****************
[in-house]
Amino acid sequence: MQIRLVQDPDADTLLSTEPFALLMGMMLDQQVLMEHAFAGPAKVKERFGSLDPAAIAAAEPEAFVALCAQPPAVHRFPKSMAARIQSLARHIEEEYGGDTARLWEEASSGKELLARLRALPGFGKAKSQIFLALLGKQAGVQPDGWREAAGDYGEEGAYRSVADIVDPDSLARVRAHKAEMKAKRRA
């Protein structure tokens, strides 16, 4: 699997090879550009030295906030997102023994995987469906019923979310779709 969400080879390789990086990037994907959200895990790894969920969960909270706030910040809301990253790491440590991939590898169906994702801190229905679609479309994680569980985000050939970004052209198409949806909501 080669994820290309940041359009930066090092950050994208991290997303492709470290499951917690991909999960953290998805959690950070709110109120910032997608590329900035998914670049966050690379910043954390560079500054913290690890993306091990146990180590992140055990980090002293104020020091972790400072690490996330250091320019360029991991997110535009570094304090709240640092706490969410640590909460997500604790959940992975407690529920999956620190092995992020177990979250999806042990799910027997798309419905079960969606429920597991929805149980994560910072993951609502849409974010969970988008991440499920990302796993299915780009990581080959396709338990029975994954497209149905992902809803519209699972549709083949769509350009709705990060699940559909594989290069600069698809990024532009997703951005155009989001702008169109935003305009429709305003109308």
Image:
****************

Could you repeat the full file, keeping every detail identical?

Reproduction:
[in-house]
Amino acid sequence: MQIRLVQDPDADTLLSTEPFALLMGMMLDQQVLMEHAFAGPAKVKERFGSLDPAAIAAAEPEAFVALCAQPPAVHRFPKSMAARIQSLARHIEEEYGGDTARLWEEASSGKELLARLRALPGFGKAKSQIFLALLGKQAGVQPDGWREAAGDYGEEGAYRSVADIVDPDSLARVRAHKAEMKAKRRA
């Protein structure tokens, strides 16, 4: 699997090879550009030295906030997102023994995987469906019923979310779709 969400080879390789990086990037994907959200895990790894969920969960909270706030910040809301990253790491440590991939590898169906994702801190229905679609479309994680569980985000050939970004052209198409949806909501 080669994820290309940041359009930066090092950050994208991290997303492709470290499951917690991909999960953290998805959690950070709110109120910032997608590329900035998914670049966050690379910043954390560079500054913290690890993306091990146990180590992140055990980090002293104020020091972790400072690490996330250091320019360029991991997110535009570094304090709240640092706490969410640590909460997500604790959940992975407690529920999956620190092995992020177990979250999806042990799910027997798309419905079960969606429920597991929805149980994560910072993951609502849409974010969970988008991440499920990302796993299915780009990581080959396709338990029975994954497209149905992902809803519209699972549709083949769509350009709705990060699940559909594989290069600069698809990024532009997703951005155009989001702008169109935003305009429709305003109308």
Image: